Sam Allard / Scene
Cleveland Museum of Natural History
Before Cleveland Museum of Natural History Director Dr. Evalyn Gates delivered a crash course on Precision Cosmology and the impact of big data on dark matter's deep-galactic frontier, software developers and system operators and Case undergrads wielding graphing calculators like sheriff's badges and recruiters from the high-altitude peaks of cloud-based computing companies and a handful of data-storage hobbyists and the most exquisite
specimens from the subspecies of bespectacled nerd who go absolutely gaga for open-source computing were all throwing back Coors Lights and Fat Tires beneath the dinosaurs.
It was the Back to School Bash for Cleveland's Big Data Meet Up, formerly CHUG (Cleveland Hadoop User Group), and a roster of distinguished speakers, several of whom traveled from Silicon Valley, a cash bar and the plush diorama aromas of CMNH accounted for this raucous and deeply nerdy milieu.
Nearly 400 of these local Hadoopian wizards were in attendance, and Douglas Meil, the Meet Up's mastermind and soul, and an IBM engineer of company-wide repute, told Scene
that he couldn't take credit for what was sure beginning to look like a real humdinger of an event.
Sam Allard / Scene
Doug Meil, the Meet-Up Mastermind
"This is the yearly blowout, and it really takes a community to put on," Meil professed, citing the event's corporate and institutional sponsors — Expedient, Progressive, Case, KSU, IBM, Cloudera, Yelp, Arista, Digital C, Supermicr, Dell, the Linux Foundation...
The Linux Foundation, an international collective, happens to be captained by a dude who lives in Cleveland, Meil said, and that guy brought his kid!
"I love the all-ages aspect," said Meil, "You've got professionals, students, and a six-year-old."
Indeed. All of them rendezvoused after the pizza and beer — and Meil assured Scene
that pizza was a staple at all Big Data Meet Up events, not just the annual bash — to the CMNH Murch Auditorium, where the evening's six scheduled speakers would hold forth on computer lingo-laden topics like: machine learning, ephemeral infrastructure, "fast analytics," Spark, and the applications of big data on solar farms.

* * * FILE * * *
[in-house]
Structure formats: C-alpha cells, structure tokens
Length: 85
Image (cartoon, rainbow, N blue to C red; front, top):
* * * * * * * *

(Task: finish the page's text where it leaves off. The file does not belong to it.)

Not to mention Dr. Gates' cosmological Powerpoint at the outset.
The Meet Up, according to Meil, is one of the country's largest between New York and San Francisco. It testifies to the robust subculture of software engineers and data-processing fanatics in and around Cleveland.
Fred Hatfull, a CWRU alum who now lives in San Francisco and works at Yelp, was one of the evening's speakers. He told Scene
that coming to the Cleveland Big Data Meet Up made sense for Yelp.
"I'm an engineer, not a recruiter," he said (which means, despite his table of Yelp Swag — and full disclosure: Scene
walked away with a very small tin of Yelp-brand Altoidal mints — he's able to forage through the tall grass of IT conversations with not only a native's fluency but with glee
). "And we've had great success with Case students."
But the local social energy around Big Data turns out to have been spawned in large part by Douglas Meil himself. Before the evening's presentations in the Murch Auditorium, Meil's co-worker Steve McHale, CEO and co-founder of IBM's Explorys
, grabbed the microphone and announced that Meil had been awarded a coveted distinction in the IBM community, in fact the company's second-highest honor for engineers. McHale went on to say that the success of the Big Data Meet Up was attributable largely to Meil's enthusiasm and dogged coordination. Meil smiled and thanked the applauding crowd quickly.
"Now back to our regularly scheduled programming," he said.